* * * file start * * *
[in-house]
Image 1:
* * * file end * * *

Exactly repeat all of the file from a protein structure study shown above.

[in-house]
Image 1: